Steve Hege is the former coordinator of the United Nations Group of Experts on the Democratic Republic of the Congo (DRC), which in November 2012 presented a report to the UN Security Council that contained overwhelming evidence of Rwanda and Uganda’s support of the M23 rebel group.
The interview was conducted by Francesco Mancini, IPI Director of Research, over email.
Francesco Mancini: In the Group of Experts final report published in November 2012, you and your colleagues concluded that the government of Rwanda, with the support from allies within the government of Uganda, created, equipped, trained, advised, and directly reinforced and commanded the M23 rebellion. Can you explain how you reached that conclusion? Was it simply based on “human intelligence” alone?
Steve Hege: As with all Groups of Experts for sanctions regimes, we adhered to a rigorous methodology approved by the Security Council. If by “human intelligence,” you are referring to first-hand witnesses to events, then yes, indeed, we prioritized these sources, primarily ex-combatants, but only as the starting point of our investigations. We interviewed individually over a hundred former M23 members, including 57 who claimed to be Rwandan citizens. All gave detailed accounts of Rwandan support to the rebels that they personally observed during their time with M23.
We then worked to corroborate this massive amount of information with a larger network of over a hundred others sources—some eyewitnesses and others considered to have credible access to the rebellion. These included local leaders, businessmen, border agents, simple peasants, as well as former Rwandan army officers and former officers of M23’s predecessor, the CNDP, who maintain frequent contact with their family and friends who joined the new rebellion. We also developed our own active sources within the M23 who themselves acknowledged the support of Rwanda and Uganda to their movement.
To further confirm the patterns and categories of external support being provided to M23, we sought out as many tangible pieces of evidence as possible throughout our investigations, including text messages, emails, and photos of meetings held in Rwanda to mobilize support for the rebels, money transfers to M23 and its allies, Rwandan military uniforms and ammunition cartridges found on the battlefield, recordings of radio communications between the rebels and Rwandan and Ugandan army officers, phone call logs made by individuals linked to armed groups, as well as satellite images showing very clearly the footpaths connecting M23 headquarters with Rwandan military bases, corresponding perfectly to descriptions of many ex- combatants (Annex 6).
In addition, to complement the information we had collected on the supply of arms by Rwanda, we also documented M23’s possession of heavy weapons traditionally used by the Rwandan army. When the Rwandan intelligence argued they had already destroyed all of these heavy weapons in their arsenal, they could only show us some old AK-47s as proof and tried to convince us that 75mm cannon rounds we inquired about were hidden beneath them. We later obtained documents demonstrating not only that Rwanda had not destroyed any heavy weapons in the last decade, but that it even made a formal request for technical assistance in August of this year to destroy precisely the same 75mm and 120 mm rounds we cited in our reports.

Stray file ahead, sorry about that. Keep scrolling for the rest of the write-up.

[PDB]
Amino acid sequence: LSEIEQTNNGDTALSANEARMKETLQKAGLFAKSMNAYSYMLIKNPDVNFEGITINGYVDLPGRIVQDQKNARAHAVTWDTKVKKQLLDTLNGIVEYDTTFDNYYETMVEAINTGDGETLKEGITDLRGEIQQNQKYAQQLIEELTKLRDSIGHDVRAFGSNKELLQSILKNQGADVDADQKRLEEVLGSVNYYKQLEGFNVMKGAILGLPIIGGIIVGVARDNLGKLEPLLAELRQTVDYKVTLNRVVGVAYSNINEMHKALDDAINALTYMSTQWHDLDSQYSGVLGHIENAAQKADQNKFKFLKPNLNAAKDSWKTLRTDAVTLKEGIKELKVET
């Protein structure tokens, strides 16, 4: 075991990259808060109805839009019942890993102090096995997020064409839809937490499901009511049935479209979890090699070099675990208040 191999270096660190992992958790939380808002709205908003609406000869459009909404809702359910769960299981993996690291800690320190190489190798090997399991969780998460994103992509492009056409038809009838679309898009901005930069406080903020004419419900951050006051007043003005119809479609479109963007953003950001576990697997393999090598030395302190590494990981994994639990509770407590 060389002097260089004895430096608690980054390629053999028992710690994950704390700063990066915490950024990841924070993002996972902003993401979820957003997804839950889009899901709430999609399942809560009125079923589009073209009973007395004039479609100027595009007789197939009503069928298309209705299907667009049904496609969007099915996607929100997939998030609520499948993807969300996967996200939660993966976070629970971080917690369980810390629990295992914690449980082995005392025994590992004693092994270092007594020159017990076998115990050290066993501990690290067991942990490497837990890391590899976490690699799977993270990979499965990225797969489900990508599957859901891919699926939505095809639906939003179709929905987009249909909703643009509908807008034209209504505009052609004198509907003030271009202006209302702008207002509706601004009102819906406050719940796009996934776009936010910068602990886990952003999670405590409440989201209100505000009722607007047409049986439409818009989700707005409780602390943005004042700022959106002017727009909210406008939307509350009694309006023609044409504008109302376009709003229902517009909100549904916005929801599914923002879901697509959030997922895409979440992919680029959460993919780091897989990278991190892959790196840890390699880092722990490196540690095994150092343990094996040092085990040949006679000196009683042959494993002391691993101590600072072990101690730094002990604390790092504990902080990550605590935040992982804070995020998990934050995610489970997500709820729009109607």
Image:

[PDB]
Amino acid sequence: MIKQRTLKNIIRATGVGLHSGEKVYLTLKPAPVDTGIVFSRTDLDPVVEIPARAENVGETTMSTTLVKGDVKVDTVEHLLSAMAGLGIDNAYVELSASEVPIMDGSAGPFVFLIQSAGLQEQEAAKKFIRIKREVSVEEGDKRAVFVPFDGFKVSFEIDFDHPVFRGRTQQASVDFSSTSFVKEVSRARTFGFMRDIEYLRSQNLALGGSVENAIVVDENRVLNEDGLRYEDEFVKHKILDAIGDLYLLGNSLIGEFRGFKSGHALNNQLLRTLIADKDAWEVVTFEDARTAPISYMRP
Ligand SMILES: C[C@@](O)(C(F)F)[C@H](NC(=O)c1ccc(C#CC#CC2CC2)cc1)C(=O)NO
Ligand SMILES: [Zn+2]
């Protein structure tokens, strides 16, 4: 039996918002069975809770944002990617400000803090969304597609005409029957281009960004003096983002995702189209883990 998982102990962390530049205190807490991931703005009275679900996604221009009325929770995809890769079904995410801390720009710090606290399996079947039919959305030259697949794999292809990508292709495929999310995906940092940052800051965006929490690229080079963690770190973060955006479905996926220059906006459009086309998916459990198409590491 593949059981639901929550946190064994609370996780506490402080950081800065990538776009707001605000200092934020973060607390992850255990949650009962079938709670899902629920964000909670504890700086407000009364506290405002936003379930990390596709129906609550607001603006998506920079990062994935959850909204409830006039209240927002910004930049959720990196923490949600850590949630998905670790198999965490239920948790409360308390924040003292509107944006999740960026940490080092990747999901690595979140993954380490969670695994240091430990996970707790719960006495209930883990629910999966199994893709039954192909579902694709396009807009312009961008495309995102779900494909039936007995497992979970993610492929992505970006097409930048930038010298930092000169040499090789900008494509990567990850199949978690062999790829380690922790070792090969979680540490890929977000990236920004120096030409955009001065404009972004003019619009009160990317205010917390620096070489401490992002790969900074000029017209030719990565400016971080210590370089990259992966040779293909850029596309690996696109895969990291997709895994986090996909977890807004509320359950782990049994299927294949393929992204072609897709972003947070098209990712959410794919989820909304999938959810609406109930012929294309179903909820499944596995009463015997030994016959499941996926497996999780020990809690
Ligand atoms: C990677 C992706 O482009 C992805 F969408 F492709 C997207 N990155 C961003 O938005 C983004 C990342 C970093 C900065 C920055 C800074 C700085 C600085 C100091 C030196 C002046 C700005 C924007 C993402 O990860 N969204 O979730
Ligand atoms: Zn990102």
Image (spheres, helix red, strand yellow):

Furthermore, we also relied on our own observations during frequent field missions to M23 territory, where we confirmed rebel use of Rwandan army radio equipment and uniforms. We personally witnessed close cooperation between the rebels and special forces of the Rwandan army (officially deployed in the DRC at the time) as well as deliveries of military equipment from Uganda. Despite the physical threats made against us and our collaborators, we also made seven trips to Rwanda in order to corroborate the details provided by ex-combatants, including a visit to Bosco Ntagnda’s Hotel Bushokoro in Kinigi, which not only perfectly matched their descriptions but was also surrounded by soldiers of the Rwandan army to protect the recruitment site.
Finally, we confirmed our information with intelligence agencies such as those of Uganda, Burundi, Western countries and the Congolese government, even though the latter had refused to cooperate with our investigations prior to the publication of the addendum to the interim report. We later received more official support from the Congolese authorities, but their information never constituted the foundation of any of our inquiries. Although they deny it now, senior Ugandan officials not only confirmed our findings on Rwanda, but also acknowledged that M23 received extensive support from within their own security services, promising us there would be investigations and arrests which never materialized.
FM: A 131-page response from the government of Rwanda to your earlier interim report claims that the Group did not give Rwanda a right of reply and did not talk to Rwandan officials. Is that correct, and can you give us more details about your engagement with them?
SH: We gave the Rwandan government several opportunities to respond to the results of our investigations. They first refused to receive us during an official visit to Kigali in May, later defending that our presence in Rwanda had nothing to do with the arms embargo; a rather odd argument given that the embargo is the raison d’être of the Group of Experts. Then, when the sanctions committee explicitly asked us to delay the submission of our addendum to the interim report to give the Rwandans an additional opportunity to reply formally, the Rwandan minister of foreign affairs declined to give me any response when I personally briefed her on our conclusions even before submitting the final document to the sanctions committee. A few hours after our meeting, at a UN press conference, the minister claimed that no one had shared with Rwanda the results of our investigations.
Regarding the official Rwandan rebuttal you mentioned; it is a document that we studied and which we responded to exhaustively in Annex 3 of our final report, but the major premise of their argument was that the Group was the victim of a huge conspiracy orchestrated by the Congolese government. Not only as experienced investigators would this have been impossible, but the Congolese government could not have been capable of fabricating hundreds of false witnesses, documents, radio communications, emails scattered across three provinces, particularly when, at the outset of the M23 rebellion, it was not even cooperating with us. If true, that would have been the sign of a very effective state, not the “black hole” in need of radical governance reform that Rwanda has consistently tried to portray the Congo as.